Tag Archive: syllables



summer haiku d’été - common loons = plongeons huards

common loons
phantom howlers
pierce the moon

common loons haiku

plongeons huards
fantômes qui hurlent
percent la lune

Richard Vallance

Commentary on the rhythm and format of Canadian haiku:

In my view, the rhythm and assonance of haiku should be poetic, otherwise the haiku is not poetry.

Moreover, the so-called 5-7-5 syllable convention = 5 syllables in the first line, 7 syllables in the second and 5 syllables in the third line is not valid whatsoever, because it does not exist in Japanese. Haiku should be free form, allowing anywhere from 7 or 8 to 17 syllables. For instance, in the common loons haiku in English above, we have 3-4-3 = 10 syllables. And since the grammar and syntax of different languages is never the same, the same haiku in French runs to 4-4-3 = 11 syllables, which is scarcely surprising. All too many haijin (haiku poets) try to force their haiku into the strict framework of so-called 5-7-5, with the result that many of their haiku sound stilted and unnatural.

This is especially of translations of Japanese haiku, the most famous of which is the “frog in the pond” haiku of Matsuo Basho (1644-1694). Here are 3 translations of his haiku, one bad in 5-7-5 format and 2 good ones in free format:

bad translation:

Pond, there, still and old!
A frog has jumped from the shore.
The splash can be heard. 

Failures in this translation:
first line: insertion of the words “there” and “still” to flush out the line
second line:  “has jumped”, past tense & “from the shore” is not found in the original Japanese haiku at all!
third line: in the passive voice 

Trans. Eli Siegel

good translations:

old pond
frog leaping
splash

Trans. Cid Corman 

the old pond,
a frog jumps in:
plop! 

Trans. Alan Watts

Original haiku in Japanese:

Furu ike ya
kawazu tobikomu
mizu no oto

This looks like 5-7-5 syllables, but as you can see for yourself in the original haiku in the kanji script, there are actually only 3 kanji characters in the first line, with 5 in the second line and 3 in the third for a total of just 11. So the so-called 5-7-5 strict formula is blown out of the water!

old pond haiku in kanji





Is it even possible to determine what the word for “fig(s)” is in Minoan Linear A? You may be surprised!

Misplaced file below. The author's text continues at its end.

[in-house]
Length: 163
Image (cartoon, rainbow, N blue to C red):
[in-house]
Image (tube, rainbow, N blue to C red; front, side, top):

Among several other tablets in both Minoan Linear A and Mycenaean Linear B, Linear A tablet HT 88 contains the supersyllabogram NI on the second line:

ht-88-facsimile-620

The question is, what is the actual word for “fig(s)” in Minoan Linear A? Apparently, no-one knows. The odd thing about this supersyllabogram NI is that it was taken over lock-stock-and-barrel by the Mycenaeans. We will never know why, but it is clear that they thought it convenient simply to hang onto it. It may very well be that that the Mycenaeans continued to use the Minoan word for “fig” alongside their early Greek suza. If that is the case, it is all the more relevant for us to attempt to reconstruct the Minoan word for “fig”. Whatever the circumstances, we are still left with the perplexing question, what is the word for “fig” in Minoan Linear A anyway?

In spite of apparently insurmountable obstacles, it may not be so difficult to reconstruct as we might imagine. If we stop to consider even briefly what the word for “fig” is that I have methodically selected in 13 languages, ancient and modern, belonging to 6 different classes, we discover that all but one of them are either monosyllabic or disyllabic. In one instance only is it trisyllabic, pesnika, in Serbian. This does not come as any surprise to me as a linguist, though it may to the so-called  “common person” . Here are the words for “fig” in 16 languages belonging to 6 different languages classes: 
  
KEY to language classes: